What to look for in an ERP for multi-facility companies
Regardless of a particular market sector, if you operate more than one facility, management stakes go up considerably if you intend to utilize an ERP platform in association with more than just a single office/plant facility. Part of the overall challenge exists due multi-nodal coordination, and definitions relating to data volume, but there are other daily sensitivities to contend with as well.
Consequently, we thought we’d take a tour of what a multi-facility ERP platform might require, and afterwards, you can feel either satisfied with your current list of system features, or instead revise your thinking accordingly. However, ERP platforms should first and foremost be easily compliant with the overall culture of a business, along with abilities to readily consume internal work patterns and policy rules.
While these central requirements are largely straightforward, other challenges are arcane, including:
You would think that scalability would be intrinsic to multi-facility ERP platforms, but this assertion isn’t necessarily true. While legacy systems at the on-premise level tend to ‘measure’ scalability based on the ready availability of physical nodes or storage component you can easily see and count; the cloud does everything ‘up there’. Consequently, you won’t necessarily know exactly how many demand-based ports can be integrated, how much universal bandwidth will be required, or how much storage each facility node will demand and consume, unless you have a serious discussion with cloud provider first.
From a strategic perspective, the cloud itself implies unlimited scalability in terms of multi-facility operations, but as one might expect the potential of this kind of expansion always comes at a price. At an elemental level cost management concerns include the desired number of active nodes, times the number of workstations, variously defined volumes of data being passed to/from each facility node, and whether the enterprise’s overall infrastructure will operate as a complex of parallel remote, or a centralized datastore.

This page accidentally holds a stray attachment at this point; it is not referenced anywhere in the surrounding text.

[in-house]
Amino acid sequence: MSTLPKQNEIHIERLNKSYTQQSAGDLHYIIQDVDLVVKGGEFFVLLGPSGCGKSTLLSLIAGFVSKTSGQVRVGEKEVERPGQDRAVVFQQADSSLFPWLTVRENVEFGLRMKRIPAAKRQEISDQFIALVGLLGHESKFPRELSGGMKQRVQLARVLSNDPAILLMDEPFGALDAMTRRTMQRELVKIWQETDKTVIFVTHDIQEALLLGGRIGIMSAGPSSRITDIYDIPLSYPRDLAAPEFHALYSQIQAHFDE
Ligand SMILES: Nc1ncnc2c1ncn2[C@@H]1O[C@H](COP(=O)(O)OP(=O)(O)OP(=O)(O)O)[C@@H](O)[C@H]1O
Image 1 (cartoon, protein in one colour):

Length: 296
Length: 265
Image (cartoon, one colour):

There are other issues as well, such as discrete and universal security concerns, local and extended performance and monitoring issues, and how each multi-nodal complex will work in concert with all other nodes, but the point is that you can’t just buy and integrate additional facility-nodes without seriously thinking about it.
Synchronization of process management
This is an apparently obvious feature when it comes to multi-facility ERP operations, but many times end up creating more problems than it resolves. This particularly vexing issue usually occurs when intercontinental processes are involved.
Extended supply-chains tend to grow spontaneously driven by workforce availability, and particularly in recent decades, where off-shore production has tended to be seen as a lowest bidder advantage. US tech sectors including the production support for computing, general digital devices, and digitally-equipped durable goods associated with the IoT, have taken advantage of ERP managed plant operations in the Asia Pacific, East Asia, and various EU member countries.
Even when applying today’s cloud ERP capabilities, the global synchronization of production elements, including WIP or finished goods scheduling elements always pose business challenges. Consequently, multi-facility ERP platforms must be particularly effective at the production, inventory, and distribution levels; otherwise finished goods deliveries to the point of sale can experience significant downside impacts.
In the end of the day, the phrase multi-facility means more of the same times 10; so be particularly detailed when you’re working to validate or develop requirements for the use of any extended ERP platform.
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